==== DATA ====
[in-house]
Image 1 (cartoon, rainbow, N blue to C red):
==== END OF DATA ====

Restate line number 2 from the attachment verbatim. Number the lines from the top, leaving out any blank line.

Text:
Image 1 (cartoon, rainbow, N blue to C red):